By George Bernocco, CPRW
If you’ve ever tried to sell something to prospective buyers before, you may understand the concept of marketing. Trying to match what the buyers are looking for with the goods you have to offer. When you create a “Brand”, you are not only trying to match the buyer’s needs but you are trying to distinguish yourself and your merchandise from other vendors/products out there. Making your product stand out from the rest sells your product and thus creates a brand.
When we apply the concepts of marketing and creating a brand to job search, not much has changed. The product you are trying to sell is your skills. To create your brand essentially means that you get your brand name out into the market so that it can be found by interested parties. Word of mouth is a very popular marketing tool, which is why job search networking is crucial. The idea behind having a strong network is to have network contacts recommending your brand name product (your skills) to a prospective buyer (employer). By having more and more people discussing your product, your brand name has begun to develop a “presence”. By having a presence, you’ve become recognizable, memorable, relatable and authentic.
Let’s step back to think about some of the day to day items we purchase. There are some brands I prefer over others, and it depends upon my experiences with these brands. Commercials we see on television, or even before a YouTube video, are all about trying to make a company’s product real to you. When you are applying for work, you are on the business end of trying to make yourself real to a company. Interviews can be viewed as a live-action commercial, or “infomercial”, to the employer. Some commercials are more interesting and relatable than others, which is why we don’t buy everything that we see on TV.
So we’ve established network contacts that will also provide “word of mouth” recommendations about you. Now what is the next step to getting our brand out there? We can follow the business model of how companies get their name out there. Business cards, for example, sell a company’s product easily because they can be passed on to interested parties who have a reminder of their services. They are small little reminders about services and goods that are portable and easy to carry. Networking cards are identical to business cards and with the only difference being that you are the brand and your skills are the products being offered.
To take your brand development to the next level, technology has the potential to move your brand name through the world. Much like commercials have expanded from billboard ads to radio to television and now online videos, we must get our brand out there and up to date with current trends. The internet is an exceptional tool for you to utilize to get your name recognizable. As soon as you created any sort of profile that is visible to anyone else on the internet, you’ve started what we call a “digital presence”. Facebook, LinkedIn, a personal blog, Twitter, and much more can be all tied to your digital presence. You should select each social networking site carefully with the goal of controlling your digital presence. How you market yourself on these websites is imperative to your brand name. An employer wouldn’t hire an potential employee who has images of them doing drugs on Facebook much like you wouldn’t buy a car that catches fire in their commercial, nor would you probably trust the car-maker brand name. To sell your product, you must protect and maintain an “image” for your brand. In regards to your job search, your image should be professional, interesting and relevant.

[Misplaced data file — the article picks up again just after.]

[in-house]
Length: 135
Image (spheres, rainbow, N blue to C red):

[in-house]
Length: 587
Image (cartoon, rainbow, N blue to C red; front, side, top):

Be aware of what may hurt your image when it comes to your digital presence. Much like a bad review at a restaurant can hurt its business; a negative search with your name can hurt your chances of getting a job. Your brand must be solid and dependable, which will reflect your product (the work you do).
Being a member of organizations and being published in relation to the work you do also assist with developing your brand. If your name is out there where employers can trace your work, you have successfully developed something that the potential employers can identify with. Just be aware that other information outside of your field could help or hurt. It is important to know what is out there regarding your product.
When you create your own brand and market your abilities as your product, you are answering the employer’s question: “Why should I hire you over the other candidates?” Identifying your strengths as brand name recognition will put you ahead of the candidates. In the end, the employer will select a brand (candidate) that is most in line with their goals and fits well with their corporate environment.